This Thursday the Rangers will finally get to do something they haven’t done so far this season – play a game on home ice. It’s been an up and down start to the season, but what could easily have been an unmitigated disaster has proven to be an above par showing.
In the seven games the Rangers have played to date, they’ve gone 3-2-2, to be a point over .500 and relatively well positioned for their ensuing six game homestand which include five teams with a record that is worse – on a points per game percentage – than the Rangers.
The lone exception is the Toronto Maple Leafs, who’ll join the Rangers for opening night on home ice. The Leafs have gotten off to a surprising 5-2-1 start thanks in large part to Phil Kessel and last year’s wunderkind in net, James Reimer.
Kessel has an incredible 15 points in his first 8 games, including 9 goals, while Riemer is 4-0-1 and is yet to lose in regulation. But once the Rangers get past the Leafs, they will square off against teams with a combined record of 13-21-3, and only one team – Anaheim 4-3-0 – with more wins than losses.
There’s points to be had, if only the Rangers can figure out their own offense. Henrik Lundqvist, and more recently Martin Biron, have both been stellar in net. The play of the netminders, perhaps the single biggest reason why the Rangers have any points, let alone the eight they garnered from their massive road trip.
This was particularly on display during their four game trip through Western Canada, when they outscored their opponents 9-5 while being outshot 130-95. The high shot total no doubt contributed to by the absence of Marc Staal and Mike Sauer – the latter set to return soon – and perhaps the lengthy travel.
As for the offense, it’s about getting a lead. The Rangers are 3-0-0 when scoring first, and 0-2-2 when the opposition scores. Slow starts have really hurt the Rangers, who are yet to lead a game after the first period.
Richards has kept the points ticking over by setting up Gaborik, while Stepan – who joined the line in game three, has shown promise, but is yet to show the finishing.
If the first line is only luke warm, then the second line is stone cold. Artem Anisimov has not translated his strong pre-season play into results to date, and both he and linemate Brandon Dubinsky are yet to score a goal. Anisimov has not been able to hold the puck in the offensive zone, and has generated few, if any real scoring chances. The strength on the puck has not been evident, and he’s not putting himself into a position to generate chances.
Dubinsky by contrast is perhaps trying to much, and needs to get back to simply putting the puck on the net. Ten shots in seven games is simply not enough, and he’s unlikely to turn things around for he and his linemates until he gets back to the basics.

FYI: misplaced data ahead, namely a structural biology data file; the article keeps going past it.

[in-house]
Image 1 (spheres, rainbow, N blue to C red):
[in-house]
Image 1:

As for the newly annointed captain, his 26 shots on net are second only to Gaborik – with 28 – but his intensity has not been as high since the opening game when he registered almost half his shot total to date. His two goals place him second on the team, and it’s hoped that last night’s fortunate deflection will help kickstarthis game.
On the third line, Ruslan Fedotenko surprisingly leads the team in points, and played perhaps his best game of the season in Winnipeg where he registered his first goal. Brandon Prust‘s two goals also has been a positive early in the season, though Brian Boyle will be disappointed with just one goal and eight shots on net.
Of the remaining forwards, the trio of Mats Zuccarello – since sent down – Wojtek Wolski and Erik Christensen have been disappointing. Mike Rupp actually has more goals than the three of them combined. despite playing three fewer games. Kris Newbury is a classic fourth liner but is not going to contribute many goals.
Defensively the Rangers need more puck possession to help rebalance the equation. That starts with staying out of the box like they did in Winnipeg, but it also means getting the forecheck and power plays going. Holding onto the puck, and getting offensive pressure will alleviate things at the other end of the ice. Lundqvist and Biron are not going to be able to keep this pace up all season, and will need to find a way to face fewer quality shots.
The return home will give the Rangers an added boost. They’ll finally get to sleep in their own beds, practice at the familiar Greenburgh facility and leverage the support of the home crowd. They’ll also get the last change for the first time this season, and finally begin getting into the normal swing of what to date has been a hectic season.